“You’re crazy,” I said. “You’re going up there in the pitch dark, with all those snakes, in the rain, wading in mud up to your balls, climbing that hill with a ton of gear on your back in a suitcase? You’re going to get yourself killed.” He grunted and hiked off into the dark, his headlamp bobbing around before winking out entirely. As I hunkered down in my tent, listening to the rain, I was damned glad I was just a writer.
===

“There aren’t any insects.” It was true. The fearful clouds of bloodsucking insects we had been warned about were nowhere to be seen.
===
Within minutes, night dropped like the shutting of a door—absolute blackness fell upon us. The sounds of the day morphed into something deeper and mysterious, with trills and scratchings and boomings and calls like the cries of the damned. Now the insects began to make their appearance, starting with the mosquitoes.

j
jimg2000
Apr 11, 2017

A legend, certainly, but legends are frequently based on the truth, and this one, so persistent and long-lasting, is no exception.
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In the mythology of some indigenous tribes in Honduras, monkeys were the first people, banished into the forest when humans arrived.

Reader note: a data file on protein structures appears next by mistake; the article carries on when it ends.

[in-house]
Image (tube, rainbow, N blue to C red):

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In the acidic rainforest soils, no organic remains survive—not even the bones of the dead.
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Each main temple at Copán had been built over and around the previous one, creating a series of buildings nested together like Russian matryoshka dolls.
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It was no longer a terra incognita. T1 had finally joined the rest of the world in having been discovered, explored, mapped, measured, trod upon, and photographed—a forgotten place no more.
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I was covered with ugly red welts and patches, hundreds of them—but where were the actual bugs?

j
jimg2000
Apr 11, 2017

People need history in order to know themselves, to build a sense of identity and pride, continuity, community, and hope for the future. That is why the legend of the White City runs so deep in the Honduran national psyche: It’s a direct connection to a pre-Columbian past that was rich, complex, and worthy of remembrance.
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I imagined being trapped for hours with a terrifying Nurse Ratched hovering about.
===
I asked Nash if I was, at fifty-eight, in the “old” category, and he thought that was funny. “Oh, ho!” he cried. “So you’re still telling yourself you’re middle-aged? Yes, we all go through that period of denial.”